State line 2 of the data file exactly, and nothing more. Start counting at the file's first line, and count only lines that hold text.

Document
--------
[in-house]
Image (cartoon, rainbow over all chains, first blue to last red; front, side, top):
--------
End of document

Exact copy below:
Image (cartoon, rainbow over all chains, first blue to last red; front, side, top):